It just takes some diligence to find each other.

Do you have a book/podcast/talk that’s had a deep impact on your thinking? Can you share a story with us?

The Great Work of Your Life by Stephen Cope was the book I read when I was thinking about what to do after I left Brand Strategy at Kaiser Permanente. It’s a quick read, but I found it profound to learn how these icons were able to embark on their journey to changing the world. It started me on my path to reframing my life around music. It also helped me accept that I would have to carve out my own path in doing so. I wish I had read it in my twenties, but I’m glad I could still course correct in my own time. I recommend it to everyone who’s looking for a greater direction in life. I’m an example of it never being too late to (re)start.

Brene Brown’s TedTalk on the Power of Vulnerability is a game changer. She’s gone on to do much in the field of mental health, but that talk is breathtaking. It dovetails into my favorite saying: Don’t mistake my kindness for weakness. It’s an Al Capone quote, but I find it relevant when you’re conscientiously being kind and you see someone start to take advantage of you.

You are a person of great influence. If you could inspire a movement that would bring the most amount of good to the most amount of people, what would that be? You never know what your idea can trigger. 🙂

I worked in Innovation off and on in my career — designing things for consumers that literally didn’t exist before we thought of it. During that time, I learned how to do empathy exchanges so we would make sure we were designing the best we could to meet the intended audience needs.

There is something about putting yourself in someone’s shoes and envisioning their journey, both the difficulties and the joy they experience, when you are designing for them that naturally creates humility in your spirit, too. Then you can turn the mirror on yourself and ask how you would respond and react. There’s genuine power in feeling for others when you are creating for them. I believe it gives great strength in many ways to consider the mindset of others.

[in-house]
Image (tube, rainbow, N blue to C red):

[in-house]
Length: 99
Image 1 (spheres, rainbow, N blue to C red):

In fact, I was once called “the nicest Pitbull in the junkyard of the Music Industry” for which I am proud.

Can you please give us your favorite “Life Lesson Quote”? Can you share how that was relevant to you in your life?

Always keep evolving. That means you’re living.

I got a tattoo of the word ‘evolving’ on my wrist to remind me that my comfort zone is always… well… evolving. Moving. Changing. Adapting. I find strength in knowing that. As long as we’re pushing ourselves to our abilities — and beyond — we will always be present, relevant and capable of evolving even more.

How can our readers follow you on social media?

Readers can find me @JuelConcepts on Instagram and Facebook, and @KristinJuel on Twitter.

This was very inspiring. Thank you so much for joining us!

Thank you!

Share your comments below. Please read our commenting guidelines before posting. If you have a concern about a comment, report it here.

You might also like...

Community//

How will Music thrive in COVID-19 times?

by KristinJuel
Community//

Five Things Business Leaders Can Do To Create A Fantastic Work Culture With Tyler Gallagher, Kirsten Saenz Tobey & Kristin Groos

by Tyler Gallagher
Kristin Omdahl crocheting a new collection on the beach.
Community//

Helping Others: How I Thrive After Surviving Abuse

by Kristin Omdahl
We use cookies on our site to give you the best experience possible. By continuing to browse the site, you agree to this use. For more information on how we use cookies, see our Privacy Policy.